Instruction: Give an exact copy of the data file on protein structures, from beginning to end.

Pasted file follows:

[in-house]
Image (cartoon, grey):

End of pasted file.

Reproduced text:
[in-house]
Image (cartoon, grey):